(HealthDay News) — The popular botanical drug kratom essentially is an opioid, the U.S. Food and Drug Administration declared Tuesday.
Nearly all of kratom’s major compounds bind to opioid receptors in the human brain, and two of the top five most prevalent compounds activate those receptors, FDA Commissioner Scott Gottlieb said in a statement. In addition, there have been 44 reported deaths associated with the use of kratom, often in combination with other substances, Gottlieb said.
Kratom grows naturally in the Southeast Asian countries of Thailand, Malaysia, Indonesia, and Papua New Guinea. It has been sold as a dietary supplement to help manage pain and boost energy. “Kratom should not be used to treat medical conditions, nor should it be used as an alternative to prescription opioids,” Gottlieb said. “There is no evidence to indicate that kratom is safe or effective for any medical use.”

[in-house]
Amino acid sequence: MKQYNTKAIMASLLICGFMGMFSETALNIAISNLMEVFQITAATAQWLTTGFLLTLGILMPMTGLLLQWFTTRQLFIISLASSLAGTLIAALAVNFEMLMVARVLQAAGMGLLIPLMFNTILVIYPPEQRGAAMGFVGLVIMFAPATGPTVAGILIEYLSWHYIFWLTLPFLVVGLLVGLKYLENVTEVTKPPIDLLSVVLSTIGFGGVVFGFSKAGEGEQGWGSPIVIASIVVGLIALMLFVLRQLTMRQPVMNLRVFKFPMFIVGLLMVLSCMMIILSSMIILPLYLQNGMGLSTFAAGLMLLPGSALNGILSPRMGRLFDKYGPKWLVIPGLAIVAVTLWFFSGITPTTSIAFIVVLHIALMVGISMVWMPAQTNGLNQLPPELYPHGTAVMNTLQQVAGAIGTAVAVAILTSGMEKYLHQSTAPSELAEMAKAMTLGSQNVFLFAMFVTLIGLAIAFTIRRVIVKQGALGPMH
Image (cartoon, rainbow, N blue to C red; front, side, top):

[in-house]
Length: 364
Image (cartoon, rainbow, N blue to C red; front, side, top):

Concerns over kratom have been growing in recent years. For example, calls to poison centers regarding kratom increased 10-fold between 2010 and 2015, rising from 26 to 263, according to the US Centers for Disease Control and Prevention. More than one-third of the poison center calls reported use of kratom in combination with other substances, such as illicit drugs, prescription opioids or over-the-counter medications, the CDC said.
Statement from FDA Commissioner Scott Gottlieb, M.D., on the agency’s scientific evidence on the presence of opioid compounds in kratom, underscoring its potential for abuse. [news release] FDA; February 6, 2018